“Imagination is more important than knowledge,” Albert Einstein once told an interviewer. “Knowledge is limited. Imagination encircles the world.”
Stretching a child’s imagination through reading does so much more than entertain them. It engages them, inspires them, and prepares them for life. Imagination is the foundation of creativity, innovation, and problem-solving. It also supports personal growth and social-emotional development. If we can’t envision success, it becomes infinitely more difficult to maintain the motivation needed to reach a long-term goal. Meanwhile, the ability to imagine how another person feels is what makes us compassionate and empathetic. (And reading fiction directly builds empathy, too.)
The fast pace of modern life doesn’t always leave much time or energy for creative play, however. Kids can be too overscheduled, overwhelmed, or exhausted to stretch their imaginations when they get home. But you can spur your child’s imagination (and help them soar away from everyday routine or troubles) simply by reading picture books to them. Reading to children triggers higher activity in the area of the brain responsible for cultivating mental images, among other things. And, really, what’s more absorbing than getting drawn into a magical, fantastical, or wonderfully wacky story?
To help, we’ve curated a selection of twelve diverse, modern fairy tales and whimsical picture books that foster imagination and encourage kids to expand their point of view.
More Than a Princess
by Delanda and Terrence Coleman
This fanciful tale inspires young readers to imagine their possibilities. When a princess named Kiana muses about how boring her life is in her castle, a fairy godmother appears to give her a chance to explore career paths beyond the castle walls. Together, they explore Kiana’s ideas for her future, including being an astronaut, a doctor, an engineer, and an artist. Before Kiana goes to bed, her godmother reminds her that with vision and dedication she can become anything. The bright, cheery illustrations are well-suited to the rhyming content and uplifting message.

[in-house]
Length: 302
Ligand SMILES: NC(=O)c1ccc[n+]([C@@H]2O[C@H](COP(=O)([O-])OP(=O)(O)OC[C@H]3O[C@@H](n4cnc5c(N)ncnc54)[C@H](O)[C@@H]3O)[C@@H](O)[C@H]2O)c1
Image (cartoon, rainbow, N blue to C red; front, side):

Dave and the Tooth Fairy
by Verna Allette Wilkins
This delightful and lesser-known picture book by Verna Allette Wilkins tells the story of a young boy named Dave whose loose tooth goes missing when he sneezes at breakfast. Worried that he won’t be able to get a kite he wants without the money from his missing tooth, Dave comes up with an imaginative solution, one that confuses the tooth fairy when she comes to collect the tooth. Fortunately, with a little help from Grandpa, the story has a happy ending for everyone, including the tooth fairy! Warm, realistic illustrations bring both Dave’s and the tooth fairy’s homes to life, making it easy to envision how each character feels.
by Marc Martin
Martin’s A River is a beautifully told story that starts with a young girl watching the river outside of her window. She imagines what it would be like to follow the river and see where it goes. In her mind, the river flows past her street, then into the city, farms, jungles, and finally out to the sea, as she follows along. The bright, active illustrations and buoyant message bring young readers along for the journey as the quickly flowing river carries them through various landscapes.
Tallulah the Tooth Fairy CEO
by Dr. Tamara Pizzoli
Pizzoli shares with us the story of Tallulah, the CEO of Teeth Titans Incorporated, one of the largest tooth collection companies in fairyland. Tallulah, like many executives, has a very full schedule. She makes time each week for pilates, yoga, and mental health, as well as training new tooth fairies and giving talks about what it’s like to be a tooth fairy. When she encounters a problem that doesn’t have an answer in the Teeth Titans Incorporated employee manual, she sets up a meeting with the board of directors. This book, illustrated in bold, bright patterns, allows your child’s imagination to soar to hilarious heights.
Imagination Like Mine
by LaTashia M. Perry
Part of Perry’s Like Mine children’s picture book series, Imagination Like Mine depicts the magic and power of imagination both through enticing rhymes describing a little girl’s rich inner life and the vibrant images that illustrate them. Like the other books in the series, this volume has a strong message about self-appreciation, reminding young readers that they’re each unique and valuable.